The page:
One could hypothesize that among synesthetes, the slowest RT would be found for the incongruent incoherent conditions for positive and negative words. However, coherency between all three sources of emotionality existed only for the negative words in the incongruent coherent condition, while no actual coherent condition was formed for positive words, due to incoherency between word and conflict valence. Thus, we expected an incongruity effect for negative words only.
BM, AD, and the control subjects from Experiment 1 participated in Experiment 2.
Each trial consisted of a positively or negatively valence word, which constituted an emotional stimulus. The word was printed in Times New Roman font, size 72, and presented at the center of a computer screen. For each synesthete and matched control group, the word appeared in a color congruent or incongruent to the synesthete’s unique photism. The incongruent color represented the photism of a positively or a negatively valenced word, as reported by the synesthete during the color matching phase (see Procedure in Experiment 1). In each of the incongruent conditions, four colors were presented. All in all, there were eight incongruent colors, for each synesthete (Figure 5).The specific words that were used in the experiment and from which the incongruent colors were selected, were taken from the same list prepared for Experiment 1. 18 words were selected – nine classified as positive and nine classified as negative.
FIGURE 5. Colors used for the incongruent conditions for BM. (A) negative colors served as the incongruent colors for the incongruent coherent condition for negative words and the incongruent incoherent condition for positive words. (B) Positive colors served as the incongruent colors for the incongruent coherent condition for positive words and the incongruent incoherent condition for negative words. The word associated with the color is in parentheses.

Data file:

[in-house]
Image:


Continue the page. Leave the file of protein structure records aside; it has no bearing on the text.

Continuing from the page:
Synesthetic stroop task
Words appeared in color and the subjects were asked to name the color as quickly and accurately as possible while ignoring the meaning. There were three conditions – one congruent (e.g., the word enemy in bordeaux), and two incongruent: incongruent coherent (e.g., the word enemy in gray associated with the word desperate), and incongruent incoherent (e.g., the word enemy in purple associated with the word magical; see Figure 1B).
As in Experiment 1, at the beginning of the experiment participants were presented with a color naming block composed of 78 trials, where they had to name a color that appeared on the screen as quickly as possible, in order to adjust to color names. Afterward, the words were separated into different practice and experimental blocks, according to their valence. For each valence (positive/negative), a practice block of 54 trials was created, corresponding to the experimental trials (i.e., colored words), followed by three experimental blocks, each composed of 108 trials (36 trials for each condition). Valence order was balanced between synesthetes and was identical for each synesthete and her controls. Thus, AD received the positive words blocks first, while BM received the negative words blocks first. All in all, there were 648 experimental trials.
The experiment was held under the same conditions as Experiment 1. Also, the experimental trial was identical to that of Experiment 1 apart from words appearing instead of numbers.
The variables manipulated were group (synesthetes vs. controls), valence (negative vs. positive), and congruity (congruent, incongruent coherent, incongruent incoherent). Thus, we had a 2 × 2 × 3 factorial design with subjects as the random factor. Group was manipulated between subjects, while valence and congruity were manipulated within subjects. The dependent variables were mean RT and accuracy.
Results and Discussion
Mean accuracy for both groups was high and ranged between 0.96 and 1.00. As in Experiment 1, this implied that participants had adjusted to color names during the color naming block. The correlation between mean RTs and accuracy rate was 0.0 for synesthetes (p = 1.0) and 0.5 for control (p = 0.667).
As in Experiment 1, incorrect trials, as well as RTs under 150 ms or above 1,500 ms (0.2% of correct responses), were excluded from the analysis. In addition, results of the two synesthetes were similar and were grouped.